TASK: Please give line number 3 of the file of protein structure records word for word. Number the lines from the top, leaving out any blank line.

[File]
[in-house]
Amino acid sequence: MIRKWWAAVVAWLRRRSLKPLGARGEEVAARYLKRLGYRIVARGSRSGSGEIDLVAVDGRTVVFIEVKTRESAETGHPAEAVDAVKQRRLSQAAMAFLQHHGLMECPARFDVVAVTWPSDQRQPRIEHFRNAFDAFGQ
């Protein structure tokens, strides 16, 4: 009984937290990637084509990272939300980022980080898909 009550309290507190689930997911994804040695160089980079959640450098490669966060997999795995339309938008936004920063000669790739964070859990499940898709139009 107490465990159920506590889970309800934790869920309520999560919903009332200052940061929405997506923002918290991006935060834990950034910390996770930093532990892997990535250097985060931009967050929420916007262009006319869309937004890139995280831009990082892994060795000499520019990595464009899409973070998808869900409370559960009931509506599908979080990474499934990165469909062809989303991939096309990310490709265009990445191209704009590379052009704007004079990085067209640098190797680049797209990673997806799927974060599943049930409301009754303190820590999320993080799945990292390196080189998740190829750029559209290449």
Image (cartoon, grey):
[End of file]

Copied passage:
């Protein structure tokens, strides 16, 4: 009984937290990637084509990272939300980022980080898909 009550309290507190689930997911994804040695160089980079959640450098490669966060997999795995339309938008936004920063000669790739964070859990499940898709139009 107490465990159920506590889970309800934790869920309520999560919903009332200052940061929405997506923002918290991006935060834990950034910390996770930093532990892997990535250097985060931009967050929420916007262009006319869309937004890139995280831009990082892994060795000499520019990595464009899409973070998808869900409370559960009931509506599908979080990474499934990165469909062809989303991939096309990310490709265009990445191209704009590379052009704007004079990085067209640098190797680049797209990673997806799927974060599943049930409301009754303190820590999320993080799945990292390196080189998740190829750029559209290449």